While you are there swing by Carewswood Garden Centre, pick up some vegetable plants and don’t forget to check out the café, a big favourite in the area and justifiably so. www.facebook.com/pages/Carewswood-Garden-Centre-Cafe

 

Ballymaloe Cookery School Garden Workshop

People come from far and wide to see the formal herb garden at Ballymaloe Cookery School but don’t let that intimidate you.  Every cook should have a little herb patch preferably close to the kitchen door. It doesn’t need to be elaborate, herbs grow happily even in the smallest of spaces, in a variety of containers even in and out through your flowers in a herbaceous border. On Monday June 15th from 9am-2pm you can learn how to design a herb garden from our highly acclaimed head gardener Susan Turner who will illustrate the best way to design a herb garden. She’ll give lots of practical advice and suggestions on how to grow herbs year round, propagate from seed and cuttings and much more…lunch is included. Booking essential 021 4646785 or www.cookingisfun.ie.

Artisan Salami

The number of new food start-ups is astonishing, almost every week.  I hear of a new artisan product but it’s also terrific to celebrate the originals. At Fiona Burke’s Strawbale Cheese stall in Midleton Farmers Market alongside a choice selection of Irish and continental craft cheeses, I recently came across Olivier Beaujouan’s handmade garlic salami and chorizo from Castlegregory in Co Kerry, so good in natural casings with a wonderful artisan quality.  Tel: 066 713 9028

Fiona’s got a new project at the moment a Little Red range of creams made from natural organic ingredients including 90% carageen moss, cocoa butter and beeswax from West Cork.  www.littlered.ie


 

April Bloomfield’s  Crushed Spring Peas with Mint

 

April Bloomfield considered by many to be the best woman chef in New York was absolutely enchanting. She cooks beautiful fresh ingredients but with a charming twist. This recipe comes from her new book A Girl and her Greens.

 

“As a girl in England, I always loved mushy peas, whether they were made the real way—from

a starchy variety of pea called marrowfat that’s dried, then soaked—or dumped into a pot straight from a tin. Nowadays I prefer this mash made from fresh, sweet shelling peas—a twist on the

British classic, which actually takes less work to make than its inspiration. It’s wonderful spread in a thick layer on warm bread or as a dip for raw veg, like radishes, carrots, and wedges of fennel.”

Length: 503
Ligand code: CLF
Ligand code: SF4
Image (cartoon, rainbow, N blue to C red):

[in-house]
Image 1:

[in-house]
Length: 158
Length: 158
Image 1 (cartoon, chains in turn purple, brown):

Makes about 2 cups

 

2 cups fresh peas (from about 2 pounds pods)

1 ounce aged pecorino, finely grated

1½ teaspoons Maldon or another flaky sea salt

1 small spring garlic clove or ½ small garlic clove, smashed, peeled, and roughly chopped

12 medium mint leaves (preferably black mint)

3 tablespoons extra-virgin olive oil

Scant 2 tablespoons lemon juice, plus more for finishing

 

Combine the ingredients in a food processor and pulse to a coar e puree, about 45 seconds. Scrape the mixture into a bowl and roughly stir and smoosh a bit so it’s a little creamy and a little chunky. Season to taste with more salt and lemon juice—you want it to taste sweet and bright but not acidic.

 

From A Girl and Her Greens by April Bloomfield. Copyright 2015 April Bloomfield. Excerpted by permission of Ecco, an imprint of HarperCollins Publishers.

 

 

Allegra McEvedy’s Broad Beans Braised in their Pods

 

Allegra McEvedy witty self-depreciating style hides a true talent for cooking wonderfully tasty non intimidating food that you’ll enjoy eating with family and friends, here’s a brilliant way to enjoy the tiny season’s broad beans, pod and all. This recipe comes from her book  Bought, Borrowed and Stolen

 

“This is a fabulous standard in Morocco, though you need to do it with youngish broad beans at the beginning of the season (i.e. June/July) as the pods are too tough to stew down to the desirable softness with old ones.

It feels kind of like cheating (in a good way) to bypass first the podding, then all that shelling usually done with broadies.”

 

Serves 4-6 as a side dish. A 10 minute make, then half an hours cooking.

 

100 ml (3 ½ fl oz. / 11/25 cups) extra virgin olive oil

400g (14 oz) broad beans in their pods

2 cloves garlic, finely sliced

1 large onion, halved and thinly sliced

1 whole chilli, dried or fresh